Redefining Accountability In the ESSA Era

After two decades of test-based accountability, the Every Student Succeeds Act (ESSA) opens the door for a new vision of educational accountability.   Of course, great schools have always known that accountability was more than the sum of their test scores, but it was not easy to focus the public’s attention (or that of state and federal governments) on much aside from the latest batch of scores from tests that may or may not have had much relationship to classroom learning.  Although the ESSA and educational officials will continue to care about reading and math scores, the opportunity for states and local school districts to redefine accountability is an exciting one.  My vision of Next Generation Accountability systems has three elements:  Causes, not just effects; learning, not just “gotcha’s!; and physicals, not autopsies. 

            Causes, Not Just Effects:  Imagine two schools in the same system.  They have similar student demographics, similar levels of teaching experience, identical teacher and administrator assignment policies, identical per-pupil funding, and nearly identical facilities.  Yetstudent achievement in one is dramatically higher than in the other.  The similarities of these two schools eliminate many of the traditional explanations for differences in student achievement and we are left with banal descriptions of “good teaching” in one or “ineffective leadership” in the other.  But without systematic observation of what those teaching and leadership practices are, it’s impossible to crack the code of why one school was so much better.  When I’ve conducted observations to dig into these differences, the explanations for the higher performing schools are not very mysterious. They spend more time on literacy, engage in more nonfiction writing, conduct collaborative scoring with a common definition of what student success looks like, and they have clear intervention plans for every single student that is in danger of failure.  Their Professional Learning Communities are consistently focused on the work of real PLC’s (not simply a changed label of the faculty meeting). Their leaders provide feedback on instruction that is completely separate from the typically unreliable and ineffective teacher evaluation system.  But it is very rare for an accountability system to include these essential teaching and variables.  It is as the schools had a goal of reducing student obesity, but they never knew if student weight loss was caused by diet and exercise or by eating disorders and drug abuse. In other words, causes matter, and the Next Generation accountability systems will include them.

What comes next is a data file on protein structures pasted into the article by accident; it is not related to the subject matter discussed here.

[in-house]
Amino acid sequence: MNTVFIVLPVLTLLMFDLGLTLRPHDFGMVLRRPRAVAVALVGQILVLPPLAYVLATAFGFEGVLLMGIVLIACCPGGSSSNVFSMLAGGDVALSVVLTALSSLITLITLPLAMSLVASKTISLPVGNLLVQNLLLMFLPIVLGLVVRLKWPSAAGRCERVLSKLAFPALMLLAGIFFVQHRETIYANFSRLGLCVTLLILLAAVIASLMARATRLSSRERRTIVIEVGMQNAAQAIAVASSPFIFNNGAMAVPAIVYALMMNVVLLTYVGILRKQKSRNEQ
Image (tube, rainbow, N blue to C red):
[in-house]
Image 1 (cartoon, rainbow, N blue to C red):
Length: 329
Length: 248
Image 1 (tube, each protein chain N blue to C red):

Learning, Not “Gotcha!”:  The fundamental purpose of accountability is to improve the performance of educational leaders, teachers, and students.  But accountability never serves that purpose when teachers and administrators perceive that the central purpose is to rate, rank, sort, and humiliate teachers, administrators, and students.  When the focus is on learning rather than punishments and rewards, there are no incentives for cheating and mindless test prep.  The only quest is to determine the best methods to serve students in each school.    

            Physicals, not Autopsies:  It doesn’t take long in most dramas about police and medical examiners for the camera to turn to the autopsy table, where clues to the cause of death are revealed.  To be sure, autopsies can provide valuable information, but if you watch those scenes closely, you will rarely see that the procedure helps the patient get any better.  After decades of accountability systems which reported on “failing schools” one year after another, we should not be surprised that these educational autopsies are without value.  Physicals may not be the most pleasant of medical encounters, but they can reveal information not only about what is wrong with patients, but also about how to improve their health. 


            Of course, the potential of the ESSA depends entirely on the willingness of states and local districts to use the flexibility they are grated to engage in new and creative accountability systems.  If we simply replace one narrowly focused bureaucracy with another one, we will have no one but ourselves to blame.


*Dr. Reeves is the author, most recently, of Inspiring Creativity and Innovation in K-12 and Elements of Grading (2nd edition), both published by Solution Tree.  He Tweets @DouglasReeves and can be reached at

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